|Photo Credit: Chevrolet|
Recounting the late battle, Gavin stated, “Don't let him by. It was going to always be intense because we're teammates. The cars are very equal. I know Antonio really well. We run all the time together and we're good friends, and I've raced with him for many, many years. I know how smart he is in the car, and I knew he was going to be looking for a weak spot and he would just try and pounce at the right point". On the other side of the Corvette GTLM battle, Antonio Garcia reflected, "Before my last stop, I knew I had to build a big enough gap where I wouldn’t be too far behind the lead when I rejoined. I almost achieved that. The last stop was good and put me in a situation to gain back track position. I still had to get around the Porsche and catch Oliver. We had a really good setup and car. I was proud and happy to have the chance to battle for the win with Oliver. It was one of the best races I’ve ever had. Oliver is very experienced and didn’t make any mistakes, even though I was really pushing him very hard. We put on a mega show for all the Corvette fans. It is amazing that we have a Corvette 1-2. I feel very good about it. I’m happy for Oliver, Tommy and Marcel."
The Chevrolet Corvette C7.R posted a triumphant effort in the Rolex 24 at Daytona but the Porsche 911 RSR led the GTLM for a great deal of the 24-hour duration. Deeper down the GTLM grid was the debut performance of the new Chip Ganassi Racing backed Ford GT race cars fell short of pre-race hype. The #66 car finished 7th in class while the #67 Ford GT was 9th in the race's final running order.
|Photo Credit: Audi|
In GTD, a possible win for the Konrad Motorsport #28 Lamborghini Huracan GT3 the #44 Audi R8 LMS GT3 was ended because of a few gallons of fuel. With the late race leading Lamborghini out of contention, the #44 Audi R8 LMS GT3 fielded by Magnus Racing pulled off a victory in class crossing the line just 3.048 seconds ahead of second-place Porsche. Andy Lally, Marco Seefield, Rene Rast and team owner John Potter was the winning driving combination.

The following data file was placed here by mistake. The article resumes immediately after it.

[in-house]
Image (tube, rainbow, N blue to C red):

Finally in the PC (Prototype Challenge) category win was claimed by the #85 JDC/Miller Motorsports machine. The PC class honours was heavily decided on attrition and struggle with the #85 weathering the instability best. The #85 Oreca race car, shared by Chris Miller, Russian-Canadian driver Misha Goikhberg, Stephen Simpson and Kenton Koch, finished 4 laps ahead of its class rival.
21 times the Rolex 24 at Daytona was slowed by yellow flags. One of those cautions was attributed to the loss of the DeltaWing. The #8 Starworks Motorsport PC class machine driven by Chris Cummings spun and was stalled in the middle of the race surface at turn one on lap 120. With only a local yellow maintained in the section as the car remained stopped, almost any car in the field was forced into taking risky actions to avoid #8 car. The #0 DeltaWing was unable to avoid the stopped PC car and made hard contact. Damage to the DeltaWing was too severe to repair ending what was great run. An embarrassing caution for the Lamborghini squad also resulted when two of the Huracan GT3 cars collided while battling for the GTD class early Sunday morning.
With the first torture test of the 2016 IMSA WeatherTech SportsCar Championship in the books, attention forward will be on the Mobil 1 Twelve Hours of Sebring.